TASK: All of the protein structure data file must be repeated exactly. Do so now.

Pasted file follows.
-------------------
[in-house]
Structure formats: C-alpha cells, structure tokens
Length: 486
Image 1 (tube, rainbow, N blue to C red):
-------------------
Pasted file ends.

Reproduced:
[in-house]
Structure formats: C-alpha cells, structure tokens
Length: 486
Image 1 (tube, rainbow, N blue to C red):